Stossel starts with this arbitrary premise and then seeks to find an ethic completely based on the autonomy of the individual. His second assumption is that man can himself make a better decision than government can regarding “issues of morality” (in reality everything is moral, but I digress). Again I pose the question, “Can a righteous civil magistrate (such as Christ) make a better decision than a depraved individual?” The answer is of course “Yes!” If the law precludes homosexuality, then the law is making a wiser determination (according to Christianity) based on ethics, health, child-rearing, economics, etc. than the individual sinner is. The inverse is also true though. So the real question is not what is right (As Christians we should already know), but whose responsibility is it to enforce such righteousness? The individual, the family, the church, or the government?
Stossel argument basically goes like this, “Individuals are better at taking care of themselves, therefore individuals are better at taking care of themselves.” Of course, he doesn’t come out and say this explicitly, but he does beg the question. Defining and highlighting every government failure he can, and championing every individual success he can, serves as his evidence-but in reality his evidence is tampered with; by himself. Think about it. He starts with the assumption that his autonomous moral code is correct (that fornication shouldn’t be punished, etc.) and then concludes that individuals (i.e. himself) should make their own decisions on morality. So he creates the standard based on his standard.
Here’s the bottom line. Libertarians are at least more consistent than liberals (who only apply the free market to “social issues”) because they apply capitalism to everything, not just finances. But why do they do this? It doesn’t follow that the same procedure that worked well in one area will work well in another. The free market is a mechanism that can harness evil (with limited governmental regulation) for good because evil people with evil motivations are still forced to provide a beneficial product if they want to make a dollar. It’s the only system in which greed can be harnessed effectively along with good intentions. The question then becomes, “How does a free market approach to sexual ethics harness evil for good?” The answer is, “There is none!” A fornicator cannot produce something considered “productive” (in the Christian sense) through his fornication.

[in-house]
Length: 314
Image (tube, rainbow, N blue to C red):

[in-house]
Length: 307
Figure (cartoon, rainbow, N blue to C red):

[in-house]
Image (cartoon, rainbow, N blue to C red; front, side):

Conclusion? Libertarians/liberals have a great many assumptions they bring to the table whenever they argue for their position. Their position, while perhaps being attractive to a Christian who believes in private property, is not compatible with Christianity because of the way these assumptions are defined. The Christian must not be arbitrary like the libertarian. He must look to God as the source of moral guidance in all areas, realizing he’s not the irrational one for doing so. Some of you may be saying, “You never answered the question! You never said who’s responsibility it is to regulate sex! You never said what involvement the government should have!” The fact is I haven’t for a reason. I want you to think about this. Is the Bible really your standard? If it is, you’ll look in its pages to make this determination. You may come to the conclusion that it’s the individual’s choice (for reasons not pertaining to libertarianism), you may come to the conclusion that it’s the government’s or a mixture of government and individual, you may find that the church has the sole responsibility to regulate such things, or you may say “It really doesn’t matter to God.” The most important thing is that you’re looking in Scripture for the answer. The second most important thing is that you’re “rightly dividing it.” That’s why in the coming weeks I’ll post what I think the Bible has to say on this issue. Until then, think this through on your own and find out who your authority really is. Is it you the autonomous individual, or is it God the transcendent creator?